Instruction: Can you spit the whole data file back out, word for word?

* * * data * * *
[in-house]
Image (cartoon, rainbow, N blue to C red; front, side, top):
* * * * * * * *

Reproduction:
[in-house]
Image (cartoon, rainbow, N blue to C red; front, side, top):